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Environmentally friendly dairy farmer

environmental dairy farm case study nz

Not one to be left behind, one dairy farming client is finding innovative ways to reduce their environmental impact while ensuring their farm remains profitable for future investments.

From discovering ways to use worms to help tackle effluent requirements to switching to a three times every two days milking cycle, this farmer doesn’t follow the standard set by others; so a standard shed wasn’t going to cut it either.

What was the challenge?

Logistically, this project required a number of factors to come together to meet the deadline and location requirements. The shed was required so the client’s new cattle yards could be used in any weather. The yards needed to be situated in a central part of the farm, close to critical parts of the operation; this meant it ended up on the top of a hill which needed to be flattened out to accommodate the new shed and yards as well as a new 6-bay workshop.

A standard off-the-shelf design wasn’t going to suit the requirements of fitting around the newly purchased cattle yards, so a custom design had to be engineered. This ensured a hassle-free experience while ensuring the shed included several peace of mind features.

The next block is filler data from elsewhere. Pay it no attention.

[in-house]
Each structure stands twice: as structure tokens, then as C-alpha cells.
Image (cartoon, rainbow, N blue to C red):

All of this had to be delivered and constructed over the Xmas holidays, a time when many suppliers and sub-contractors shut down.

What was the solution?

The custom shed was 24.2m deep x 40.0m long covered cattle yards, 8 x 5.0m bays with a total of 14 steel rafters and a roof-only design.

The hill had to be levelled off to accommodate the new structure. And due to the full concrete floor, additional logistics management became a part of the project while the concrete supplier observed long Xmas holidays.

Why was Alpine Buildings chosen?

Alpine Buildings’ experience and holistic approach to problem solving meant the farm was in good hands for the ‘out of the box’ thinking that this project demanded.

The unique design and construction of an Alpine Buildings shed meant the farmer was able to benefit from no-perch rafters. This reduced the health hazards associated with bird fecal matter which helps to provide an environment that’s enjoyable to work in all year round.

The sustainably sourced timber poles also provided assurance that rust would not be an issue; ideal due to the high levels of corrosive effluent they would endure. The open-sided design and the use of timber framing reduces noise levels inside the shed, which was seen as an added advantage over an all-steel structure.

The solution has worked well for this client who now holds DairyNZ workshops on site to teach others how to maximise the potential of their farm and its critical elements.

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